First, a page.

Showing posts for "Climate Change"
President-elect Barack Obama’s newly announced energy and environmental leaders are not likely to lack for ideas for addressing energy and climate change concerns, given the public interest reflected on change.gov, the transition’s own website. A new feature of the site, Your Seat at the Table, allows organizations and members of the public to track the transition’s daily activities, and to leave comments and post policy ideas for Obama’s team.
President-elect Barack Obama announced his nominees (Bloomberg) for energy secretary, Environmental Protection Agency chief, and head of the White House Council on Environmental Quality at a press conference in Chicago on Monday. The Los Angeles Times looks at reactions to the picks among scientists and environmental groups.
Read more »
Sen. John Kerry (D-MA) said Thursday he believes the Senate will allow (Reuters) President Barack Obama to sign a UN climate change pact in Copenhagen next year, even if climate change laws have not yet been passed in the United States by that point. Still, Kerry stressed, “What’s important is that we go to Copenhagen understanding that no treaty is going to pass the U.S. Senate unless it is a global solution. China, India, Russia — all countries have to be part of the solution.”
President-elect Barack Obama has reportedly selected his nominees (WSJ) to top energy and environmental posts in his incoming administration. His picks will face a tall policy order, including dealing with the challenges of climate change, decreasing U.S. dependence on foreign oil, and converting the country to alternative energy sources.
Though the incoming presidential administration has indicated its first priority will be repairing the troubled U.S. economy, President-elect Barack Obama emphasized throughout his campaign that combating climate change will also be a top agenda item. Obama plans to reduce U.S. greenhouse gases by 80 percent by 2050, and has pledged to create millions of “green jobs.” At a symposium on policy and strategies to combat climate change Tuesday, business leaders seemed to agree Obama should institute a federal cap-and-trade system for carbon emissions.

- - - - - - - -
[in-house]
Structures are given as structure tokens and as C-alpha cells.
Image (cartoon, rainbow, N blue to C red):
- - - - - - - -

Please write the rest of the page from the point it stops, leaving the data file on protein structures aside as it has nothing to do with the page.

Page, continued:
Former Secretary of State Colin Powell endorsed Sen. Barack Obama (D-IL) for president on Sunday’s Meet the Press, saying the Democratic candidate represents “a new generation coming onto the world stage.” Powell, who helped justify the invasion of Iraq in 2003, said he anticipates a “continued drawdown” of troops from Iraq regardless of who wins the November election.
In The Hacked World Order, CFR Senior Fellow Adam Segal shows how governments use the web to wage war and spy on, coerce, and damage each other. More
Red Team provides an in-depth investigation into the work of red teams, revealing the best practices, most common pitfalls, and most effective applications of these modern-day devil's advocates. More
Through insightful analysis and engaging graphics, How America Stacks Up explores how the United States can keep pace with global economic competition. More
India now matters to U.S. interests in virtually every dimension. This Independent Task Force report assesses the current situation in India and the U.S.-India relationship, and suggests a new model for partnership with a rising India.
Rates of heart disease, cancer, diabetes, and other noncommunicable diseases (NCDs) in low- and middle-income countries are increasing faster than in wealthier countries. The report outlines a plan for collective action on this growing epidemic.
This report asserts that elevating and prioritizing the U.S.-Canada-Mexico relationship offers the best opportunity for strengthening the United States and its place in the world.
Williams argues that the status quo for peace operations in untenable and that greater U.S. involvement is necessary to enhance the quality and success of peacekeeping missions.
The authors argue that the United States has responded inadequately to the rise of Chinese power and recommend placing less strategic emphasis on the goal of integrating China into the international system and more on balancing China's rise.
Campbell evaluates the implications of the Boko Haram insurgency and recommends that the United States support Nigerian efforts to address the drivers of Boko Haram, such as poverty and corruption, and to foster stronger ties with Nigerian civil society.